House Mouse Control

 Scientific Name:  Mus musculusHouse mouse (Mus musculus) photo by Univ. of California IPM project

Used with permission from Univ. of CA. Statewide IPM Project, J.K. Clark, photographer


  • Capable climbers
  • Can perform a 12" vertical leap
  • Does not hibernate
  • Nocturnal with some daytime activity
  • Incredible reproductive rate
  • Home range ~30 ft


  • Gnaw marks are knife-blade thin. Gnawing occurs on stems, structures;
  • Droppings are 1/4 inch long have longitudinal ridges and squared-off ends. (Use a magnifier). Cockroach droppings are about 1/8 inch. Musk odor may be present in confined areas.
  • Tracks show 4 or 5 splayed toes; Toe Pad Marks on Hind Feet Four...very tiny. Size of Front Feet 1/2 x 3/4 inch; Claw Marks do show.
  • Rub marks inside vertical corners.


Mouse trail in tracking powder
Description: shows how to detect rodents using talc, flour, etc.
Photo Credits: Kirk LaPierre, A1 Saver Services




  • Newly planted seed; Mice may dig and feed on newly planted crops.
  • Stored human and animal foods;
  • Diseases transmitted to humans and livestock
  • Tree Damage Occasionally and particularly during late winter, mice gnaw or girdle small, woody stems.
  • Structural Damage: Mice will gnaw upon wall and attic insulation, electrical wiring, and containers of stored human and animal foods. Stored items may also be gnawed upon.
  • Agricultural Damage: Mice dig up and feed upon newly planted grain. Stored grains can be contaminate with their urine, droppings and hair.


Control Methods

Habitat Modification

  • Rodent-proofing includes closing all openings 1/4 inch or larger. Mice have the ability to jump 12 inches high and can run up any rough vertical surface. Learn mouse proofing strategies at Mouse Proofing
  • Remove harborage, such as tall grass and debris. Sanitation through clean-up of grains, pet or human foods; storage of boxes of foods and potential nesting materials (cardboard, paper, cloth) in plastic containers with tight-fitting lids. Remove or mow weeds and vegetation. Restrict water access.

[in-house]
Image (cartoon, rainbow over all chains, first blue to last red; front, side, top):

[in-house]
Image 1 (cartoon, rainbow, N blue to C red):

Frightening Devices

None shown effective in established infestations.

Ultrasound: some research has shown that ultrasound does reduce the presence of mice in certain areas, such as from using open floor space. There is no evidence at this time that ultrasound will drive mice out of a home.


  • No effective ones known, including sonic devices. To learn why repellents rarely "work" click repellents.

Trappinga wide variety of mouse traps. Photo by Univ. of Nebraska

  • Many types of snap traps, glue boards (lethal) and box traps (including multiple capture traps) are used. Place traps in secluded, sheltered areas and along walls, etc where mice travel. Place snap trap triggers toward wall or away from each other in double sets.

A multi-catch trap.
Description: These work well for moderate rodent populations or as a follow-up to rodenticides.
Photo Credits: from U of Florida website

Below left photo: mouse snap traps set correctly in corner with pans against wall. Photo by Univ. of Nebraska-Lincoln

snap traps properly placed in a corner. Photo by Univ. of NebraskaTwo snap traps properly set. Photo by Univ. of Nebraska

Above right photo: mouse snap traps set correctly along wall with pans outward. Photo by Univ. of Nebraska


House mouse toxicantsToxicants

  • Anticoagulants, other toxicants in bait station, place packs as needed;
  • Many anticoagulants are registered that may include brodifacoum, bromodiolone, chlorophacinone, diphacinone, warfarin as active ingredients. Many other toxicants may include bromethalin, cholecalciferol, and zinc phosphide as active ingredients.
  • WARNING: Whenever toxicants are used, there are no guarantees on where the mice the will die. The notion that mice leave the building to die is a MYTH!! It is not at all unusual for homeowners to smell dead mice after initiating a toxicant program. To learn more visit Odor.


bait boxes for rodents. Photo by Dallas Virchow

baits within bait boxes
Description: These baits must be kept fresh to be effective.
Photo Credits: Dallas Virchow


Diseases and SafetyDiseases & Safety

  • Health Hazards & Diseases associated with mice or their parasites include: salmonellosis, rickettsial pox, lymphocytic choriomeningitis, leptospirosis, ratbite fever, tapeworms, ringworms, and swine dysentery.

University house mouse publicationsUniversity Publications

House Mouse Prevention & Control--Illinois Dept. of Public Health

House Mouse--University of California

House Mouse Control --University of Nebraska-Lincoln

House Mice in the News

  • Nov 6, 2006. House vs. Mouse. Philadelphia Inquirer
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